According to Richard Dawkins:
According to Richard Dawkins:
"The God of the Old Testament is arguably the most unpleasant character in all fiction: jealous and proud of it; a petty, unjust, unforgiving control-freak; a vindictive, bloodthirsty ethnic cleanser; a misogynistic, homophobic, racist, infanticidal, genocidal, filicidal, pestilential, megalomaniacal, sadomasochistic, capriciously malevolent bully." 
One example he finds grievous is the jealousy of God in the Old Testament, which he attributes to insecurity. The caricature Dawkins’ describes is a deified infant, violently incapable of coping with humanity’s free will.
When taken as a whole, the Old Testament contradicts Dawkins’ hermeneutical train wreck. Over and over again, the stories echo of a God willing to pursue His chosen people out of love for them and the entire world (Genesis 12:3), despite suffering rejection. Anyone with a basic understanding of the covenantal relationship between God and His people understands the natural consequence of Israel’s infidelity was exile and loss of intimate fellowship with God.
Without the bigger picture, the consequences of Israel’s spiritual adultery may seem extreme. Given a more nuanced hermeneutic, the pain Israel suffered as a result of their actions was actually God’s providential method of getting their attention to guide them into renewed relational intimacy. God does not punish out of insecurity or abusiveness but with a corrective posture.
C.S. Lewis honed in on this truth in The Problem of Pain when he observed, “No doubt Pain as God’s megaphone is a terrible instrument; it may lead to final and unrepented rebellion. But it gives the only opportunity the bad man can have for amendment. It removes the veil; it plants the flag of truth within the fortress of a rebel soul.” One of the most cogent Scriptural examples of this concept can be found in the prophet Hosea’s relationship with his unfaithful wife, Gomer.
Hosea and Gomer
The prophet Hosea ministered sometime in the eighth century to the pre-exilic Northern Kingdom of Israel. God instructed him to take a “wife of harlotry” with whom he was had three children (1:2, NASB). At some point, a cataclysmic shift in their relationship occurred and she left him, likely due to a relapse into her old ways. Even though Hosea felt confident in saying their relationship was over (2:12), God instructed him to “Go again, love a woman who is loved by her husband, yet an adulteress” (3:1a). The text never reveals what specific exploits Gomer had gotten into, but she was in slavery when he found her. Nevertheless, this was not a rapturous reunion at first. Gomer had to be broken of her habitually unfaithful behavior by being forced into seclusion (exile) before the relationship could be restored (3:3-4).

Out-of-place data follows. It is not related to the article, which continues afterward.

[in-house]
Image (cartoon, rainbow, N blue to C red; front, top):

Hesed: God and His Adulterous People
The unfolding drama in the book of Hosea is symbolic of God’s love for His idolatrous people. The purpose is to show God’s hesed. This Hebrew word can be found in 2:19 where God says, “I will betroth you to Me forever; Yes, I will betroth you to Me in righteousness and in justice, in lovingkindness [hesed] and in compassion” (emphasis added). The NIV translates it as “love,” while the NLT says “unfailing love,” and the ESV chooses “steadfast love.” Although these are certainly good translations, they miss out on the fullness of the word. The more complete understanding is in the covenantal picture of a “life-long, faithful marital covenant.” In light of this, God is depicted as “jealous” in Hosea (13:4-6; also see Exodus 34:14 and Deuteronomy 4:24). Yet, it is not a petty jealousness derived from psychotic narcissism. Rather, this jealousy is based on the violation of a sacred, covenantal relationship, making it wholly valid. If a husband is not jealous of his wife’s marital unfaithfulness, it is a cause for concern because it proves a lack of real love. So it is with God and His people.
Hesed as an Apologetic Tool
 Richard Dawkins, The God Delusion (New York: Houghton Mifflin, 2008), 51.
 Ibid., 278-79.
 C.S. Lewis, The Problem of Pain in The Complete C.S. Lewis Signature Classics (New York: Harper One, 2002), 605.
 Elizabeth Achtemeier, Minor Prophets I, New International Biblical Commentary (Peabody: Hendrickson, 1996), 28.
 Brennan Manning, The Furious Longing of God (Colorado Springs: David C. Cook, 2009), 35.